Many of us spend most of our time in our cars, whether running errands, commuting, or driving to visit family. However, from dealing with the stresses of daily life and balancing a career, it’s easy to put off major purchases like buying a new car. Be mindful of the state of your vehicle, and don’t wait until it breaks down to buy a new one.

The Importance of a Reliable Vehicle

You need a reliable vehicle. While it doesn’t mean you should buy a brand-new car, it’s time to look into your options if you worry that your vehicle won’t hold up on a quick drive. Your car will require more frequent maintenance and repairs as it ages, which is expensive and time-consuming.

Safety is Your Priority

Most importantly, your car has to be safe. When you merge onto the highway and hit the accelerator, you shouldn’t have to worry about getting hurt or injuring someone else. Millions of people are injured on U.S. highways each year, and while that number isn’t entirely preventable, a well-running and reliable car will reduce your risk of an accident.

Remember, if you’re in an accident and it’s your fault, you’ll not only have to deal with being injured and potentially no longer having a vehicle, but you may be slapped with high legal expenses. Lawsuits after crashes are common and often happen when the injured party has to spend substantial money on their medical bills and cannot work. The money you think you’re saving by waiting to buy a new car will soon be gone if you’re legally responsible for someone else’s damages.

Assess Your Budget

If you’re worried you can’t afford a new car, begin by assessing your monthly budget. Like many of us, you’re probably spending money on things you don’t need. For example, it might be nice to have the option of multiple streaming services, but if you favor one over the others, consider canceling the rest. Small changes like that will add up over time.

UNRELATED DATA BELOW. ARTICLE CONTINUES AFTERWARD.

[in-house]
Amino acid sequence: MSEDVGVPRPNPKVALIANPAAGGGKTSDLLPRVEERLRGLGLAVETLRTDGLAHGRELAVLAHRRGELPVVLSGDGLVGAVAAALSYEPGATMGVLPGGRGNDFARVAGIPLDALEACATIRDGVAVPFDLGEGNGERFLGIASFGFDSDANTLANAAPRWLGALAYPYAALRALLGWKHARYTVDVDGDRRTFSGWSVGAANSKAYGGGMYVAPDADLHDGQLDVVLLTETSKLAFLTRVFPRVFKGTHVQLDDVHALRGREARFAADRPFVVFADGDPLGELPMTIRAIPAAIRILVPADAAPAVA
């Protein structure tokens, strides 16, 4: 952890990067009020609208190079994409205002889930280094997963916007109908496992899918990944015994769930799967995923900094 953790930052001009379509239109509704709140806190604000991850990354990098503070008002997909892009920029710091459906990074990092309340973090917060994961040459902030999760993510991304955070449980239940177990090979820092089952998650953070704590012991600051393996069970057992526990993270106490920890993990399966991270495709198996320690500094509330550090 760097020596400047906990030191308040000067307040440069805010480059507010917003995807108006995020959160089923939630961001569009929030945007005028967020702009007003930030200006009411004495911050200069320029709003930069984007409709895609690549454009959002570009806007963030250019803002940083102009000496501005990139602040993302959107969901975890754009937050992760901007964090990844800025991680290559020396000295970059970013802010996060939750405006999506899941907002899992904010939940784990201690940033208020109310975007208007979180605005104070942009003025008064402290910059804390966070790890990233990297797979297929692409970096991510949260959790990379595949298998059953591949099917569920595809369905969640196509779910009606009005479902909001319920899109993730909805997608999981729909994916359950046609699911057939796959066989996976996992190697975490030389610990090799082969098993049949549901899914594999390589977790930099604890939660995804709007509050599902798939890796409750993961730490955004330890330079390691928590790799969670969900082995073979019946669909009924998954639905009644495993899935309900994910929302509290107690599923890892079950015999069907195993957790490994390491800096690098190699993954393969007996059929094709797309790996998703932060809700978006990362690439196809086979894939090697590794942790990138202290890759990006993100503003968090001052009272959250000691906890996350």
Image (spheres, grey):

The Second Biggest Expense of Your Lifetime

The three most expensive things a person will invest in during their lifetime are houses, cars, and furniture. Since cars are the second most costly thing you’ll ever devote your budget to, you should take buying and owning them seriously. Part of that process is acknowledging when it’s time to move on.

Your car will show you signs that it’s aging. The engine will become louder and won’t run as well as it once did. When there are issues with it, you might discover it’s harder to get the parts you need, and things like your ‘check engine’ light will suddenly be on all the time.

New Models May Save You Money Long-Term

Consider the financial aspect of investing in a new car. Technological advancements have made newer ones both more environmentally friendly and fuel-efficient. If your vehicle currently guzzles gas, you could be saving yourself money. Many people are moving to these more advanced options, and according to a report by Statista, Ford Motor Company’s revenue came to $127 billion in 2020.

If your car is safe and reliable and doesn’t require frequent maintenance or repairs, you may be able to wait. However, at some point, you will have to make the investment, which means that, during this time, you should focus on creating a budget to afford a newer model later. Research your options, as you may also be eligible for financing options.

While it can be challenging to decide when the best time is to buy a new car, your current vehicle won’t hide the fact that it’s quickly aging. If you’re spending lots of money and time dealing with repairs and no longer feel safe driving, it’s time to look at your options.

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